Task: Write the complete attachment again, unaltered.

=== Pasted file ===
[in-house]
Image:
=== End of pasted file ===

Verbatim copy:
[in-house]
Image: